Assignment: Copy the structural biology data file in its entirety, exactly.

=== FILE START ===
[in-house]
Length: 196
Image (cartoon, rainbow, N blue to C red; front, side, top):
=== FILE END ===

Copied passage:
[in-house]
Length: 196
Image (cartoon, rainbow, N blue to C red; front, side, top):